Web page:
The Dec. 7 border agreement between Prime Minister Stephen Harper and U.S. President Barack Obama requires Canada to adopt more U.S.-style security measures, and to share more information on Canadians with American state authorities. This is contrary to the interests of working people in both countries.
Obama has agreed to ask the U.S. Congress for money to speed up truck and business traffic across the border. The funding may or may not be forthcoming. In any case, the price is too high. Heightened security means a stepped up war on civil liberties. Talk of security is a distraction from the capitalist system’s real economic malaise. It’s an excuse for more spending on police and the military, and less money to meet pressing human needs, like health care, education and housing.
So, what exactly is at risk in the latest deal? It’s not “privacy” in the abstract. Remember the U.S. no-fly list? Under the deal, Ottawa has effectively agreed to adopt it. This is the list that famously targeted, among others, the late U.S. Senator Ted Kennedy. It has already barred some innocent Canadians from air travel within their own country because their planned flight paths briefly crossed the U.S. The agreement to develop common “decision processes” for air screening can only lead to more folks being stranded.
Since the deal was announced, attention has focused on a new scheme for border exit controls. But bigger dangers lie elsewhere. For instance, the agreement commits the two countries to engage in more “informal information sharing.” Canada also agrees to change its laws, if necessary, to “provide the widest measure of (intelligence) cooperation possible.”
Maher Arar knows first-hand about such intelligence cooperation. He is the Canadian citizen who was arrested by U.S. officials during a New York stopover and sent to Syria to be tortured. As a royal commission later found, Arar’s ordeal was caused by exactly the kind of informal and wide-ranging intelligence cooperation that the new deal envisions.
Since 9/11, U.S. governments, regardless their political stripe, have hurt civil liberties. Washington spies on the most mundane habits of its people, including which library books they read. In at least one case, it carried out the extrajudicial execution of an American citizen. Its agents are no longer permitted to torture people on their own. But even Obama has refused to renounce the practice of so-called extraordinary rendition—sending suspected terrorists to third countries to be tortured.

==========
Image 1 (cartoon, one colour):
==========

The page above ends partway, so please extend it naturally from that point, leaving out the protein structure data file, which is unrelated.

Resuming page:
The U.S. maintains a prison camp at Guantanamo Bay that, in the tepid language of a 2010 Supreme Court judgment, has engaged in the “improper treatment” of detainees, including a Canadian, Omar Khadr, captured by U.S forces in Afghanistan at age 15.
Sweden learned about the dangers of allowing American agents to operate on its soil. In December 2001, the Swedish government decided to deport two Egyptian refugee claimants whose asylum applications were refused. The Swedish Security Police accepted a U.S. offer to provide the plane to carry out the deportation.
When the Swedish officials handed over the deportees, after having searched them according to Swedish procedure, the Americans proceeded to cut off the two men’s clothes, dress them in jump suits and hoods, medicate them, and bundle them on board. They were transported to Egypt, where they were allegedly subjected to torture.
In a 2005 report, the Swedish ombudsman concluded that Swedish officials mishandled the case. They had allowed the American officials to operate on Swedish soil in a manner contrary to Swedish custom and possibly in breach of Article 3 of the European Convention on Human Rights, which prohibits torture and inhumane and degrading treatment.
U.S. law and practices violate Canadian laws and norms. More to the point, the new border agreement threatens to diminish individual liberties already under attack. In the name of universal human rights, and working-class internationalism, the deal must be undone.
> The article above was written by Barry Weisleder.